The question asked and debated in the attached clip is; “Is distrust in Wall Street hurting the market?“ (see link at the end of this post) A better question might have been, “Is distrust in Wall Street and the market a positive or negative sign, vis-a-vis where we are in the current market cycle?” To the second question my answer is emphatic. It is positive! I will explain later in this post. Before we get to the “main event,” a little set-up may be in order. It is my feeling that the three combatants had a chance to make a constructive contribution to investor thinking. They blew it due to a lack of knowledge and historical perspective on the part of two of the players and a third participant who had the knowledge, but sacrificed it to talk his own book.
–Maria Bartiromo, the most pushy (pushy to the point of being obnoxious) and least perceptive anchor on CNBC, was the moderator. –Jeff Cox (a.k.a. “The Bad News Bearer”). Jeff reminds me of the little tot on the old cereal commercial “Mikey.” Remember, “Let Mikey try it. He doesn’t like anything.” We should all be thankful we are not Jeff Cox. It seems he doesn’t like anything and comes across as a spiteful, negative, unhappy person. Based on recent experience (i.e. his many wrong calls), he may have reason to be this way.
–Mark Martiak is the third-party in this missed opportunity. Mr. Martiak is a vice president of Premier Financial Advisors/First Allied Securities (a financial planner / advisor type). Martiak made a good point in the clip about the public shying away from stocks. Essentially, he said the trauma of 2008 was hard for many to get past (i.e. once burned, twice shy). Then he makes a self-serving comment about ‘clients needing to trust their advisors (…hand-holding and counsel)’ that got both Maria and Jeff in a snit.
At this point in the discussion Maria confused Martiak’s ‘advisors’ (the personal financial kind) and their advice with money managers and their performance stats. Cox continued ranting on the evils of high frequency trading, the “Flash Crash” and Fed policy (his main culprits for this lack of trust). The entire discussion went off the tracks. The blown “teachable moment” was that after the horrendous bear markets of the past it took many years to again peak the public’s interest in common stocks.
For example, in the bear market that began in 1966, bottomed in 1974 and finally broke out to new highs in 1982, a whole generation was lost to stock investing. That generation had an alternative in which to invest; very high interest rates, like 15%, long-term treasury securities. Even so, the stock market over the next 20 years still provided a much better return (ten times your principal plus the dividends on the Dow vs. three times your principal on the bond and your principal back). Today’s investor does not have the luxury of decent fixed income alternatives.
Interestingly, according to the Gallup Poll quoted in the clip, that period of 67% of Americans owning some interests in common stocks came 20 years after the Dow’s definitive break-out above 1000. The year was 2002 and the Dow had risen ten-fold in those two decades. No wonder everybody wanted to own stocks back then. Today that number has dropped to about 52%. Most importantly, based on market history, it is a perfectly normal and positive development when individual investors become distrustful and skeptical about stocks and the markets after major market breaks. And, it is not just individual investors who are guilty of this. Just check out the musings of the media and many so-called professional investors over the past five years.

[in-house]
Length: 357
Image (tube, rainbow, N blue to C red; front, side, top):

This current distrust gives us strong evidence that we are no where near the long-term top of this bull. Martiak was right to assert that we may just be in the “middle innings’ of this run. He was never given the chance (or he blew the chance by getting the “advisor” discussion rolling) to explain the positive correlation between the distrust, “that wall of worries,” and good stock performance. Now there is a corollary to all of this and it is that you should probably be pulling in your “investment horns” the next time you see surveys with 67% of Americans owning some sort of interest in common stocks. Finally, as it pertains to the clip, you may now see that the Gallup Poll results gave us a teachable moment, not something to worry about, and why I titled this post “A Battle of Wits Between Three Unarmed Opponents.” Take a look at the clip I have been referring to.—” Is distrust in Wall Street hurting the market?”
What do you think?
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2 thoughts on “Session 48–A Battle of Wits Between Three Unarmed Opponents”
Let’s go back to the days of yesteryear!
No, I don’t mean the Lone Ranger. I mean Meryl Comer. I don’t remember her politics or her opinions.. But compared to the brassiness, and occasional hostility, of Bartiromo, and her compatriots, she provided information with soft elegance and white glove gentility. She was an excellent moderator who brought out the most, and usually the best, from her panelists. She had no need to express partisan or personal ideology. And she never seemed beholden to any sponsors ors other influencers. She had no need to shout or raise her voice to make a point.. Her intelligence was obvious and more than sufficient. I never met her and my memories probably clouded by other biases. But as I age my preferences are more and more in the string section and less and less in the brass.
Harold, I don’t remember Meryl. This is not unusual. But, I do remember civility and intelligent,respectful reporting. It appears the consuming public is more interested in Entertainment (a la World Wrestling Federation, style confrontation) than the real information.
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